History and Presenting Symptoms
A 25-year-old female presents with a combination of recurring pain in the lower back region and pain and tightness in the front of her right hip. She is very frustrated by her condition, since she has already had six weeks of physical therapy for her hip pain (with only a little relief), and she received four months of chiropractic care (with moderate relief of her back pain). Her prior treatments included adjustments and diathermy heat for her back and stretches and mobilization for her hip. She has had no specific injuries to these regions, and she can’t identify any precipitating activities. On a 100mm Visual Analog Scale, she rates the pain in her lower back as varying from 20mm to 40mm, and her right hip pain as varying wildly from 0mm to 65mm. She is on her feet a lot in her occupation as a dance instructor for young girls.
Vitals. This active young woman weighs 142 lbs, which at 5’9’’, results in a BMI of 21; she is definitely not overweight or obese. She is a vegan, a non-smoker, and drinks alcohol only rarely. Her blood pressure and pulse rate are at the lower end of the normal ranges.
Posture and gait. Standing postural evaluation finds a lower iliac crest on the right, and a low right greater trochanter. She also demonstrates a mild bilateral knee valgus and static pronation of the right foot (calcaneal eversion with low medial arch). The left foot and ankle show a normal, non-pronated alignment. Gait screening is negative for limp or noticeable asymmetry.
Chiropractic evaluation. Motion palpation identifies functional limitations at the L2/L3 and L4/L5 levels, with moderate tenderness and loss of endrange mobility. Hip ranges of motion are full and pain-free on both sides. The Thomas test finds a painful tightness of the right iliopsoas muscle. She finds it difficult to lie comfortably on her back while her legs are extended.
Because of her persistent, non-responsive low back and hip pain, AP and lateral lumbopelvic X-rays in the upright standing position are obtained. A discrepancy in femur head heights is seen, with a measured difference of 5mm (right side lower). A moderate right convex lumbar curvature (6°) is noted, and both the sacral base and the iliac crest are lower on the right side. The sacral base angle is a somewhat elevated, but the lumbar lordosis is within normal limits.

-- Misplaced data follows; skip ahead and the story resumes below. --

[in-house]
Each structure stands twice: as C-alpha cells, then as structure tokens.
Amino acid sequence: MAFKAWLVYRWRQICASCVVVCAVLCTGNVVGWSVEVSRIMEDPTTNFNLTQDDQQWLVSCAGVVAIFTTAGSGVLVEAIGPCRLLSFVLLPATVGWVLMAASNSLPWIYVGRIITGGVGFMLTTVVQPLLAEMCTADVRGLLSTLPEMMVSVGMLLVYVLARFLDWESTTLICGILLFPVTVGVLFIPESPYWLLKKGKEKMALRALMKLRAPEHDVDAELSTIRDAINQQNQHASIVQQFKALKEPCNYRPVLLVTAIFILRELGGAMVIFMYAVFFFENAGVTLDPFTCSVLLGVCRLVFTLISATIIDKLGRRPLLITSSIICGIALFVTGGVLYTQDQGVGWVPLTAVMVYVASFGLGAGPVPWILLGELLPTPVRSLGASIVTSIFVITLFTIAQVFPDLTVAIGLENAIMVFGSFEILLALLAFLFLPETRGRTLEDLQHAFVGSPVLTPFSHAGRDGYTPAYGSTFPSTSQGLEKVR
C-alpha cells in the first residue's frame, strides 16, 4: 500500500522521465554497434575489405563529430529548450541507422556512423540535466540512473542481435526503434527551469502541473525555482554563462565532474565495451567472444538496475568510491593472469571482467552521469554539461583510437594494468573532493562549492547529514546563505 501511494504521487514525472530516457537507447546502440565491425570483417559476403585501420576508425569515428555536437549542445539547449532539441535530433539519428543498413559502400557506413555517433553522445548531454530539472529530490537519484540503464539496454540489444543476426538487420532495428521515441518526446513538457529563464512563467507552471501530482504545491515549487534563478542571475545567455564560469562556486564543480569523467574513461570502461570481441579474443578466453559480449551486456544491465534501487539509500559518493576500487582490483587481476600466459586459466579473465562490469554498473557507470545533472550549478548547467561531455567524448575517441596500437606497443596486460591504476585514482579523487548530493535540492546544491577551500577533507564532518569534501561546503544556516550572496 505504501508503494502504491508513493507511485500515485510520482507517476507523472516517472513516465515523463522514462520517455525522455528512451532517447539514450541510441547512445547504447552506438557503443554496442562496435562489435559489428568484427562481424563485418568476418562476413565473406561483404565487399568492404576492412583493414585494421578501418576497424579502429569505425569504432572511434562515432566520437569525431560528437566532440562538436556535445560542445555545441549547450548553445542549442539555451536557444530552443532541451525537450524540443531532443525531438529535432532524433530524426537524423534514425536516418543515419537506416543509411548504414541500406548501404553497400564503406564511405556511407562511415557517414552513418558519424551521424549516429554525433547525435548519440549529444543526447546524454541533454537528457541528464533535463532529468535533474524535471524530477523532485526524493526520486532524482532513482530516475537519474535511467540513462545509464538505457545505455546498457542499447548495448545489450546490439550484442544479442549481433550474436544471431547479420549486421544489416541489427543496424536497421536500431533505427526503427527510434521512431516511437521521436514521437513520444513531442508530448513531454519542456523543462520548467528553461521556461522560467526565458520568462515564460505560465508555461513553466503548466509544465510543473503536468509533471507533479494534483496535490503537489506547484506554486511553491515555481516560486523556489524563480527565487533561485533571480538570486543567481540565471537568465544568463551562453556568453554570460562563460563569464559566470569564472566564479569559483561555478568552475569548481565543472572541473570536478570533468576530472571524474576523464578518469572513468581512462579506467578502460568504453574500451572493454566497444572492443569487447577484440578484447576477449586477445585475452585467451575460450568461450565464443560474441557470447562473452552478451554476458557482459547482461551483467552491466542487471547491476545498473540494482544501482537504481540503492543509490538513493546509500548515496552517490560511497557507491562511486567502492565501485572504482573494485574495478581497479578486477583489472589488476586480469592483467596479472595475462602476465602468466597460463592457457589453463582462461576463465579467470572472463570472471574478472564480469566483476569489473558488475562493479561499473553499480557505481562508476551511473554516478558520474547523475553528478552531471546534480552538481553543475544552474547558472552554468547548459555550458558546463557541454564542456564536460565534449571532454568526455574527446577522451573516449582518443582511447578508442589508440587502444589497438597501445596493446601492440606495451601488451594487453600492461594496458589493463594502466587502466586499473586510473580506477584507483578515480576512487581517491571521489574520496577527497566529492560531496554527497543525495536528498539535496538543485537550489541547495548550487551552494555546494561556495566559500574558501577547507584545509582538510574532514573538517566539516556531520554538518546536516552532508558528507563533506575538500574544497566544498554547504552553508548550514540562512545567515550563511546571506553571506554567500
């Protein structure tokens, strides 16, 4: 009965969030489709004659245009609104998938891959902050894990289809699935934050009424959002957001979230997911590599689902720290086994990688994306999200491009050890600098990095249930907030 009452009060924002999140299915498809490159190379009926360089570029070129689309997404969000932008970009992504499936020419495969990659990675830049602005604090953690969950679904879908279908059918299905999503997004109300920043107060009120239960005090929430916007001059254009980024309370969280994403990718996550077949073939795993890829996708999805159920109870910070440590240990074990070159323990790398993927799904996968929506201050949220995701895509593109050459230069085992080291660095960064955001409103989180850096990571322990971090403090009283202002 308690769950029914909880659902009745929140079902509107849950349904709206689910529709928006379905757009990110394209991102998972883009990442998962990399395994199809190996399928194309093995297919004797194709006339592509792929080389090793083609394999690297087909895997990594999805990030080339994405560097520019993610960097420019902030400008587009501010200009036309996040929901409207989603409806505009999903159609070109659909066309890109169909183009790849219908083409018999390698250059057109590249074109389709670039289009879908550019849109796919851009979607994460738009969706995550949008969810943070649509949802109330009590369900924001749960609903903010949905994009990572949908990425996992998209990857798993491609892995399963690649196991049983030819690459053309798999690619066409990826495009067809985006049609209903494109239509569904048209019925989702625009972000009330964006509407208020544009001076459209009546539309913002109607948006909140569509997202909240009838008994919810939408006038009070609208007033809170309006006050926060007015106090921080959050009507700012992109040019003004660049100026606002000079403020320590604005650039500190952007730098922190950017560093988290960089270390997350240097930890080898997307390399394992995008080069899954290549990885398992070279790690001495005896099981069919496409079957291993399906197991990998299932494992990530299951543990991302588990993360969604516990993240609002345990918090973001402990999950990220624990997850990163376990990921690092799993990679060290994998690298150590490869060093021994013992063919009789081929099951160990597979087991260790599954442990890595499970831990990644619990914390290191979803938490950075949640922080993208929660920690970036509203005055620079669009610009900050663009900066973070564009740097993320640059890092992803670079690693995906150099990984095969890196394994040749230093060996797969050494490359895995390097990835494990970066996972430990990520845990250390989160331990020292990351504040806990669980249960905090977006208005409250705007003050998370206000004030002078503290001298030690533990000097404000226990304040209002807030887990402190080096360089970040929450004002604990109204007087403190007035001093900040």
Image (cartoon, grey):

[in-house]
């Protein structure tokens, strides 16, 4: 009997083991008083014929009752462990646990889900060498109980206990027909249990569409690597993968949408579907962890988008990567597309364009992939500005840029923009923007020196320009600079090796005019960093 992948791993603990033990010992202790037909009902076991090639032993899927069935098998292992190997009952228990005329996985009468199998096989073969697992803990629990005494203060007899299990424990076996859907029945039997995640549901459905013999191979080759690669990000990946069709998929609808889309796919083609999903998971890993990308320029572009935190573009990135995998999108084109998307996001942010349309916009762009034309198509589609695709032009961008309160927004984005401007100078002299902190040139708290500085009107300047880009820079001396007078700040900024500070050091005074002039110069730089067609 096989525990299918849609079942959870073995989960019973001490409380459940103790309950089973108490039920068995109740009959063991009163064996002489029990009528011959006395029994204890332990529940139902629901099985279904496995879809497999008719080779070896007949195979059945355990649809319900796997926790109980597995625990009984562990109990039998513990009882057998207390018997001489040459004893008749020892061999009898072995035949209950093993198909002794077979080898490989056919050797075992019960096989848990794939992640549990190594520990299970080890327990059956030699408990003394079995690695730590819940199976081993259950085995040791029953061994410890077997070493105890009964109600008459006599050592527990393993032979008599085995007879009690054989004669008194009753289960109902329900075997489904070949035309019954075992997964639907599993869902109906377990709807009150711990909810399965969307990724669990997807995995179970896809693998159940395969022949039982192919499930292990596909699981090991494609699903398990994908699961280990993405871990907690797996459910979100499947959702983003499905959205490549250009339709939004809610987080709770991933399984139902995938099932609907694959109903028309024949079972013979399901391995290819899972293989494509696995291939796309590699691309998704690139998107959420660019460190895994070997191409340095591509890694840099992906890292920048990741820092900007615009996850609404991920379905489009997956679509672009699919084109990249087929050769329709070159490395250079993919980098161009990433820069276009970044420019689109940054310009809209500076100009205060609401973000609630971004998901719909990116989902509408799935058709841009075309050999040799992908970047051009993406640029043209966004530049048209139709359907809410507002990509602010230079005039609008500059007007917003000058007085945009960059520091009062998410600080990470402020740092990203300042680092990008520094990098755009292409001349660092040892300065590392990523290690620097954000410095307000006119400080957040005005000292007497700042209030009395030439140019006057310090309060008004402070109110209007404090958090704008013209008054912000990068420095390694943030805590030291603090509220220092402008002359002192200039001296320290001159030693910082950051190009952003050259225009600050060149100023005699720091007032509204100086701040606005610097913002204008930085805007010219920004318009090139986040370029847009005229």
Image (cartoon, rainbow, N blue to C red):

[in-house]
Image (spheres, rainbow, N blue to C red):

Moderate functional leg length discrepancy (right short leg), with associated pelvic tilt and lumbar curvature. There is a chronic shortening of the right iliopsoas muscle, and a significant history of recurrent mechanical low back pain and occasional right hip pain.
Adjustments. Specific, corrective adjustments for the lumbar spinal region were provided as needed, with good response. Additional manual therapy included contract/relax stretches for the iliopsoas muscle.
Stabilization. Custom-made, flexible stabilizing orthotics were supplied, with a varus pronation wedge under the medial aspect of the right calcaneus. She had no difficulty in adapting to the orthotics.
Rehabilitation. She stretched her right iliopsoas muscle at least four times each day, after a brief brisk walking warm-up. She also strengthened her hip extensor muscles in the upright position using elastic exercise tubing.
Response to Care
This patient responded rapidly to her spinal adjustments and active resistance stretches. She immediately began wearing her orthotics in all of her shoes, and especially at work. After six weeks of adjustments (10 visits) and daily home exercises, she was released to a self-directed maintenance program.
A relatively slight functional short leg can produce chronic symptoms in people who experience a lot of weightbearing biomechanical stress. This situation will often be identified in long-distance runners, dancers, and in occupations such as drill press operators and warehouse stockers. A moderate amount of asymmetrical pronation, when exposed to repetitive or constant loading strain, can develop into chronic muscle tension, with shortening tightness. Spinal adjustments and very specific stretching and strengthening exercises provided relief, but the underlying functional leg length inequality had to be addressed with stabilizing orthotics for long-lasting results.
Dr. John J. Danchik is the seventh inductee to the American Chiropractic Association Sports Hall of Fame. He is the current chairperson of the United States Olympic Committee’s Chiropractic Selection Program and lectures extensively in the United States and abroad on current trends in sports chiropractic and rehabilitation. Dr. Danchik is an associate editor of the Journal of the Neuromusculoskeletal System. He can be reached by e-mail at